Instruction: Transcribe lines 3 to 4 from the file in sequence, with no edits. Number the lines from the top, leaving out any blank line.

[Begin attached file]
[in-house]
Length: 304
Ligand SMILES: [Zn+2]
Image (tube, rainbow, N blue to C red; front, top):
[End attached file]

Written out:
Ligand SMILES: [Zn+2]
Image (tube, rainbow, N blue to C red; front, top):